Chris Sheridan reported that a source close to LeBron James said that he was “100 percent” sure he will Cleveland when he becomes a free agent next year. The rumors of Kyrie Irving leaving the team haven’t slowed down either.

Rapper Lil Dicky reacted to the report on Twitter by saying that the Cavaliers should trade him now while they can get something back for him. NBA superstar Kevin Durant responded that the team shouldn’t because James means so much to the franchise and the city of Cleveland. The conversation mirrored what a lot of NBA fans were battling in their heads.

What if James and Irving actually get traded this season, though?

The era of the Cavaliers being in contention for a title would be over and the team would find itself back in the middle of the pack of the NBA like so many other teams. In 2003, Cleveland landed a once-in-a-generation talent in James. The only year he didn’t make the playoffs was his rookie year when the Cavaliers missed by a game to the Boston Celtics. James built his team up from a regular playoff squad to Eastern Conference championship contender every year from 2007-2010. Then in the four years that James was gone, Cleveland became one of the worst teams in the league again, even after landing three consecutive No. 1 picks. The most recent part of the story should only serve as a refresher, three more trips to the finals and an epic comeback to win it all for the city in 2016. Now, it appears this 14-year swing of the highest highs and lowest lows is only going to result in more lows for the franchise.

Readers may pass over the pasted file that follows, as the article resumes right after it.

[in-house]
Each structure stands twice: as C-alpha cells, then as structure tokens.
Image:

Cleveland has always had a fairly mediocre team since its inception in 1970. The golden years, before James, were probably in the early 1990s with Brad Daugherty and Mark Price when the team lost in back-to-back years to the Chicago Bulls in the playoffs. After a decade of being in the spotlight and ascending all the way to perennial championship contenders, Cleveland is on the verge of just being, once again, Cleveland.

 

Rashad Milligan

Rashad Milligan is a news reporter at the Douglas County Sentinel. He used to be the sports editor for Georgia State's student newspaper, The Signal.